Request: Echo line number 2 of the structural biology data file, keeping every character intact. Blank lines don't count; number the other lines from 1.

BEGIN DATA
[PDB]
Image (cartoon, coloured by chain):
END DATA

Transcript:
Image (cartoon, coloured by chain):